A garden developed for this year’s RHS Chelsea Flower Show by Cranfield University and the Royal Horticultural Society (RHS) to encourage the UK’s 30 million gardeners to save water.
The ‘Water the way nature intended: switch from Mains2Rains’ garden in the show’s Discovery Zone was designed in collaboration with RHS Wisley-trained garden designer Dave Green.
It demonstrates how small actions to make better use of rainwater can lead to reduced dependence on mains water in gardens and allotments.
The garden design includes water-saving features such as different varieties of lawn turf, planting for damp and dry borders, sustainable drainage systems, organic matter added to soil and self-watering containers or pot saucers to collect rain and drainage.
Janet Manning, KTP Associate and RHS Water Management specialist, who was appointed the UK’s first garden water scientist by Cranfield and the RHS in 2018, said:
“This garden exemplifies actions we can all take to make gardens resilient to the changing climate. Dave Green has shown gardeners that by selecting the right plants, and by learning how to stop the rain from escaping, a water-saving garden doesn’t have to look like a dry, Mediterranean hillside.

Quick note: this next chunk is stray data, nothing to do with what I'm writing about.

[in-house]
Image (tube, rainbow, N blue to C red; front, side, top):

“We can still enjoy a traditional-looking garden in the UK by reducing the amount of water needed, saving and using rainwater efficiently, and having the benefit of shade and evaporative cooling in hot, dry spells.”
Visitors to Chelsea are being asked to pledge to adopt measures to reduce pressure on water resources by understanding how to manage rainwater better in their gardens via the Mains to Rains website.
Since the launch of the Mains to Rains site in June, pledges by gardeners to switch their source of water show the potential for saving over 8 million litres of mains water a year, the equivalent of almost 40,000 water butts or 100,000 baths.
Ian Holman, Professor of Integrated Land and Water Management, Cranfield Water Science Institute, who led the development of the water pledging website, said:
“Pledging to switch from mains to rains doesn’t mean poorer quality gardens. By pledging, gardeners will be part of the solution to the climate and biodiversity emergency, helping to store carbon in soils, reducing abstraction pressures on rivers and wetlands, reducing flooding and helping biodiversity.”
The website – which has been funded by the Higher Education Innovation Fund (HEIF) – is in support of a Knowledge Transfer Partnership (KTP) between Cranfield and the RHS to promote improved water management practices in gardening.
The three-year project informed the RHS Sustainability Strategy, in which the charity commits to being water neutral by 2030, working alongside its supply chain.